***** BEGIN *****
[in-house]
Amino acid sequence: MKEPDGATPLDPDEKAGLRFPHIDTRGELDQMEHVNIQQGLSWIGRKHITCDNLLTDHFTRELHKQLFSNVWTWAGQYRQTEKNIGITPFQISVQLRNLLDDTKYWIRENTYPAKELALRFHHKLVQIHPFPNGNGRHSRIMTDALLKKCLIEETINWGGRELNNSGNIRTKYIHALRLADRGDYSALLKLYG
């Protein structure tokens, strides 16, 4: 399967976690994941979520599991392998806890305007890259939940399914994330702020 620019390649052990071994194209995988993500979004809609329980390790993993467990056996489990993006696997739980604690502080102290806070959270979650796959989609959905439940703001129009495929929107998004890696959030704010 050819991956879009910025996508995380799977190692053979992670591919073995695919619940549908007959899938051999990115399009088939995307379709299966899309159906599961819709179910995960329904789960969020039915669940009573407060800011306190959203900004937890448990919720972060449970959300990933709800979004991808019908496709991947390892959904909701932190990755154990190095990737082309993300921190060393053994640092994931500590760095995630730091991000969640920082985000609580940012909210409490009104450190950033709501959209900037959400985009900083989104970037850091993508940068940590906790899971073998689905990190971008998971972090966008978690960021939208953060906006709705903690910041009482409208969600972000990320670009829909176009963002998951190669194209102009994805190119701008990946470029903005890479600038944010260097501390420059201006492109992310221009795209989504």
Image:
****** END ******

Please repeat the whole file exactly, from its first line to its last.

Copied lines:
[in-house]
Amino acid sequence: MKEPDGATPLDPDEKAGLRFPHIDTRGELDQMEHVNIQQGLSWIGRKHITCDNLLTDHFTRELHKQLFSNVWTWAGQYRQTEKNIGITPFQISVQLRNLLDDTKYWIRENTYPAKELALRFHHKLVQIHPFPNGNGRHSRIMTDALLKKCLIEETINWGGRELNNSGNIRTKYIHALRLADRGDYSALLKLYG
């Protein structure tokens, strides 16, 4: 399967976690994941979520599991392998806890305007890259939940399914994330702020 620019390649052990071994194209995988993500979004809609329980390790993993467990056996489990993006696997739980604690502080102290806070959270979650796959989609959905439940703001129009495929929107998004890696959030704010 050819991956879009910025996508995380799977190692053979992670591919073995695919619940549908007959899938051999990115399009088939995307379709299966899309159906599961819709179910995960329904789960969020039915669940009573407060800011306190959203900004937890448990919720972060449970959300990933709800979004991808019908496709991947390892959904909701932190990755154990190095990737082309993300921190060393053994640092994931500590760095995630730091991000969640920082985000609580940012909210409490009104450190950033709501959209900037959400985009900083989104970037850091993508940068940590906790899971073998689905990190971008998971972090966008978690960021939208953060906006709705903690910041009482409208969600972000990320670009829909176009963002998951190669194209102009994805190119701008990946470029903005890479600038944010260097501390420059201006492109992310221009795209989504």
Image: